Wednesday, November 12, 2008
1. First it is conceptually flawed in its assumption that the way to solve a crisis caused by too much private-sector debt is to boost public-sector debt. Brown seems to believe it is possible to return to the world as it existed before August 2007, in which individuals, financial institutions and governments can live now and pay later, if at all.
2. Second, it is economically illiterate. Brown always argued during his time at the Treasury that it was monetary policy (the level of interest rates and the pound) rather than fiscal policy (tax and spending) that affected economic growth. Now he has apparently decided that unfunded tax cuts can help prevent a deep and prolonged recession. Quite obviously, his grasp of economics was either wrong then or it is wrong now. It is wrong now.
3.Finally, cutting taxes is politically cynical. To make a real difference, Alistair Darling would need to announce tax cuts of at least 1% of GDP in his pre-budget report this month. That would mean a tax-take reduction of £15bn - out of the question given the state of the public finances. The financial markets have been softened up for tax cuts, but they would be surprised and alarmed if the package was worth more than £3bn.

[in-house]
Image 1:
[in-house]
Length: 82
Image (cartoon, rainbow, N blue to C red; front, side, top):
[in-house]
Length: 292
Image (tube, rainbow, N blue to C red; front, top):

He concludes that these cuts will remain unfunded until the next election after which they will be met either by cuts in spending or higher taxes. He argues that targeted cuts aimed at low earners or small businesses would have been a better strategy funded by more tax for the well-off and the abondonment of unnecessary expenditure like Trident. Seems like another ctitique which is spot-on to me.